Revival of Religion
John Lorimer's lecture "Encouragements to Expect, Pray and Labour for the
Revival of Religion - Encouragements from the Promises and Prophecies of
Lorimer (born 1804) was a preacher of the Gospel in 19th century
Scotland. Originally a pastor of the (Presbyterian) Church of Scotland, he and
his Glasgow congregation went into the Free Church of Scotland at the
Disruption of 1843.
now, let us ask what is the practical
inference to be derived from all this? Is
it not that the church should be encouraged to look for revivals?
Much does she need encouragement. Many,
insidious, and powerful are her enemies; very various too are the untoward and
adverse influences with which she has to contend.
The truly good are comparatively few; and, with honourable exceptions,
they are timid and divided – the worldly, the erroneous; the wicked are bold
and well-combined. It is to be
feared that Popery and Infidelity and general Ungodliness are on the increase.
It is certain that most pernicious principles, seriously affecting
practice in different ranks of society, are spreading.
All this is discouraging. It
is fitted to damp the spirits, to hinder prayer, to relax exertion.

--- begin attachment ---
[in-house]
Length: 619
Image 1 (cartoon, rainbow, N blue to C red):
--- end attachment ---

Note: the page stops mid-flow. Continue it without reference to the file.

No doubt there are bright spots in the picture, for which it becomes us
to be devoutly thankful. Still
there is much to sink and dishearten: Six millions of Jews – 600 million of
Heathen! And what in these
circumstances so well fitted to cheer as the hope of a great universal
revival? This is just what is
needed. It would at once meet and
overcome all our difficulties and discouragements, and it would put us in
possession of the moral and religious results – the improvement and the
excellence and the moral glory for which we so greatly long.
Many men – ministers, – yea, the Christian church generally have
not been expecting religious
revivals. They have not been
looking for uncommon manifestations of the Spirit’s power.
They have taken for granted that, some how or other, in some way or
other, the gospel shall one day be universal.
This is all that they know and care about.
Comparatively speaking, such an idea is cold, distant, discouraging.
It wants life and energy. Men
must be encouraged to look for revivals near – large – sudden – abiding;
and this will cheer and rejoice the heart, and send new life and power through
the entire man.
after the promises and prophecies of revivals which have been unfolded, and
the partial fulfilment which we have seen them to receive, it is altogether
unnecessary for me to urge any reasons why you should be encouraged to expect
and pray and labour for a revival. You
have the word of God to direct and sustain you, and on what stronger
foundation can your faith and hope rest? Men
may deceive or be mistaken, but Jehovah is unchangeable.
His promises are all yea and amen.
His people have in every age experienced of His faithfulness.
You believe the word of men, the word of children, and will you not
believe the word of God, and upon a subject too where his own glory and the
glory of his church are so deeply involved?
If you were labouring under personal affliction, would you not search
the Scriptures for promises of support under its pressure, and should you not
seek as earnestly for consolation and encouragement under the afflictions of
in the same quarter?
If there were promises of earthly blessings, of peace and prosperity,